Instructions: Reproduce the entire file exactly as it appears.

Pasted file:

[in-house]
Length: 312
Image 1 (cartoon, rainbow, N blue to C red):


[in-house]
Length: 312
Image 1 (cartoon, rainbow, N blue to C red):